Although Obama’s 2008 election was hailed for its technological advances, campaign officials acknowledge that the operation fell far short of its hype.
With the benefit of four years of lead time, the campaign was determined to make better use of increasingly sophisticated technology. Driving this was Obama’s data-minded campaign manager, Jim Messina. Among his mentors was Google Executive Chairman Eric Schmidt, who was a regular visitor to what many have said resembled an Internet start-up company within the Chicago campaign headquarters.
Some of the data gathered by the Democrats during the recent presidential campaign.
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The campaign invested heavily in engineers and technologists, including many who had never worked in politics, and used Amazon Web Services to host the voter database on its cloud servers. The key was a program the campaign built — called Narwhal after a predatory whale whose single tusk makes it look a bit like a fat, finned unicorn — that consolidated lists of voters and donors, often collected over years by state party officials and campaigns.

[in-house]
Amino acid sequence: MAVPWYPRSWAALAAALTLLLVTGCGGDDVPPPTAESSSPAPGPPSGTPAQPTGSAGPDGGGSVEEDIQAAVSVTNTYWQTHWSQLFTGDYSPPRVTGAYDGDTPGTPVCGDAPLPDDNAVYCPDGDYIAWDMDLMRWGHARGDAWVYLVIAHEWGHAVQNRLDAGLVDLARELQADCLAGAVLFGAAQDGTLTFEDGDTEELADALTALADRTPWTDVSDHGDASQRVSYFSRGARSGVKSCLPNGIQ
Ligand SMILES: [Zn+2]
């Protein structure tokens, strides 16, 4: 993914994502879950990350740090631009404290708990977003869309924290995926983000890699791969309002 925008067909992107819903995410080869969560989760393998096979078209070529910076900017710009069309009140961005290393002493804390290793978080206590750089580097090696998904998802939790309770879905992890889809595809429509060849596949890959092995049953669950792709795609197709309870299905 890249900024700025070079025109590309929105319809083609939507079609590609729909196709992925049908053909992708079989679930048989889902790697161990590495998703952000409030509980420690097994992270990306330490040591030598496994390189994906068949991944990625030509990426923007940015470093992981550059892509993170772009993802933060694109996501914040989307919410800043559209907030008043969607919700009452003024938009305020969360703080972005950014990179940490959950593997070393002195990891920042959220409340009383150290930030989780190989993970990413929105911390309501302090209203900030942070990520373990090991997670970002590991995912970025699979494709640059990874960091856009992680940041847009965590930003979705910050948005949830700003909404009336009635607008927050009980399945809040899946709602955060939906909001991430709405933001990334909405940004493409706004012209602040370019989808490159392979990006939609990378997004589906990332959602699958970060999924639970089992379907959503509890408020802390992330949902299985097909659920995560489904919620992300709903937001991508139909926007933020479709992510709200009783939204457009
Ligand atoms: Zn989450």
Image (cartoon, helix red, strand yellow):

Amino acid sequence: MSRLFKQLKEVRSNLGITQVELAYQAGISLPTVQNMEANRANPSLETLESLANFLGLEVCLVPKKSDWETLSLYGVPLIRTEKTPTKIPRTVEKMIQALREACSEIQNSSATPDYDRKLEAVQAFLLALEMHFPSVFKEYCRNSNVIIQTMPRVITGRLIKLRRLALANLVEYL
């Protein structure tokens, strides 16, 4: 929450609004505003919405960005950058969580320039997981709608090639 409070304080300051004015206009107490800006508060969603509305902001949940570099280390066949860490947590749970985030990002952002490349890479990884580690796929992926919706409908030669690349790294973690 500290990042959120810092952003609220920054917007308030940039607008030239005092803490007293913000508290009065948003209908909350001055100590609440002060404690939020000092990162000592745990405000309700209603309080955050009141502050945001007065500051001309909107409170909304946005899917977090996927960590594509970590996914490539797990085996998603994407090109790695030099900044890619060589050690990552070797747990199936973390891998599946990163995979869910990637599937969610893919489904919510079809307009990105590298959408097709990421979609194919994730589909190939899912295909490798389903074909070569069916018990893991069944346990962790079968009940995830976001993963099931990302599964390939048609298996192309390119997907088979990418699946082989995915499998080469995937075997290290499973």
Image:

Narwhal allowed related pieces of software, such as those used by field organizers and call center workers, to draw on the information in the voter database and continually update it.
Slaby and others from the campaign said that although it relied on detailed analyses of cable television viewing habits and Web traffic, personal information from those sources was made anonymous and did not flow back into the voter database.
The most important information, officials said, was provided by voters themselves whenever they had contact with the campaign, in person or online, enriching the database with e-mail addresses, cellphone numbers and, crucially, information about what issues most concerned them.
This allowed the campaign’s analysts to test the effectiveness of messages aimed at narrow demographic slices — single women in their 30s worried about health care, for example. Although it was often described as “micro-targeting,” Slaby said the most important element was what he called “micro-listening.”
“If people tell us they’re interested in cats, we probably took that down,” he said.